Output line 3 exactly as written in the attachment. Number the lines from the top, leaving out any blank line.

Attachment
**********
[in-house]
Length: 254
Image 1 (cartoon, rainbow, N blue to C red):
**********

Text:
Image 1 (cartoon, rainbow, N blue to C red):